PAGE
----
(picture from Juggler’s World, Summer 1986)
The Juggling Illusion
Last month, I started a series of posts on how juggling can help your writing. Today I’m back with my two favorite past times, juggling and writing, and how the art of illusion can improve both.
There is a crazy juggling trick called the Fake Columns. It’s based off the Columns trick, a harder pattern where the juggler juggles two balls in one hand and then tosses up the third ball in the other. Two of the balls sync with each other, meaning they match in height and speed, while the third ball is tossed in between them. In the Fake Columns, the juggler holds onto one of the two syncing balls and mimics the ball’s movement by lifting it up and down with his hand. The effect is an illusion. It looks like the juggler is doing Columns, but in reality he is cheating. The switch, if you will, always garners a few laughs. Fake Columns plays off why juggling looks so cool. The changing of patterns and hands makes it appear far more difficult than it is.
Like juggling, great storytelling is an art of illusion. It transports the reader into a story so fully that they feel as if they are the character, and are touched emotionally. The effect can wow and move readers and it can bring empathy, which is what I believe leads to the word of mouth support all authors crave. As a writer, consider your storytelling as a slight of hand, similar to the Fake Columns. You are laying the tricks that touch your reader, a foreshadow here, metaphor there, or a plot twist near the climax, can illicit an emotional responses in readers.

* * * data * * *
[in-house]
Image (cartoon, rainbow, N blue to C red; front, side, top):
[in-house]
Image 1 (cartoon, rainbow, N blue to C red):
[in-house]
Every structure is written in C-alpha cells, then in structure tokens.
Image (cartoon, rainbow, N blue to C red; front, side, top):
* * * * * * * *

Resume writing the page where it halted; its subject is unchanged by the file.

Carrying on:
Humans are emotional creatures. We cry at weddings and funerals, but the emotions are different, one for joy and the other for sorrow. Our experience is never forgotten. The more emotion writers give their readers, the more memorable the story. If your writing doesn’t move you, it won’t move your audience. So, when you write, rewrite, or revise your manuscript look for ways to bring emotion to your story. Maybe you will wow your audience like a story juggler.